“We mainly want to make sure we’re all on the same page,” Calcasieu Parish Sheriff Tony Mancuso said after speaking with state police head Col. Mike Edmonson.

The first named storm, Alex, entered the Gulf of Mexico on Sunday as a tropical depression, but has since developed into a tropical storm with winds near 65 mph, according to the National Hurricane Center.

“We’re not sure what’s going to happen with this storm, and if it stays on the current path, we’ll still be dealing with some lingering effects,” Mancuso said.

Edmonson said he is spending the week talking to sheriffs and emergency preparedness directors in coastal parishes.

“Right now, there’s only a 5 to 10 percent chance the storm will hit this area, but we like to be proactive,” he said.

“We’re already seeing a deviation from the norm with a storm this early,” said Mark Cooper, director of the Governor’s Office of Homeland Security and Emergency Preparedness.

“Residents need to make sure they have an evacuation plan for their families and elderly neighbors.”

“No matter what, don’t wait until the last minute,” Mancuso said. “My philosophy is, ‘If it’s predictable, it’s preventable.’ Once it’s in the Gulf, there’s a chance it can come this way.”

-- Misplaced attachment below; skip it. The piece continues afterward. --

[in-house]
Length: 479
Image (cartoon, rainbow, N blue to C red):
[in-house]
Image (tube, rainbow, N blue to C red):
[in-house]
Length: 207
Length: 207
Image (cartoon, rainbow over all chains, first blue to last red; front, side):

“When we start ordering evacuations, residents need to also have a set place or places to go and make sure they have food and water in their car,” Edmonson said.

Cooper said he’s confident the entire state is prepared for a busy season, even with the oil spill. He said officials have met with BP and the U.S. Coast Guard to review emergency plans.

Lessons learned
State and local officials learned much during and after Hurricanes Katrina and Rita, said Mancuso and Edmonson.

“Rita showed us our vulnerabilities on fuel and power,” Mancuso said. “We set up our own fuel supply, and for power we have backups for the backups.”

For evacuations, Calcasieu Office of Emergency Preparedness officials have specific shelters for residents, whom they transport by bus.

“We will also be sending a 10- to-12-man team to those shelters, so it’s less of a burden on the local authorities,” Mancuso said.

Cooper said state officials have increased shelter capacity from 11,000 in 2009 to about 24,000 statewide, as well as set up shelter agreements in other states.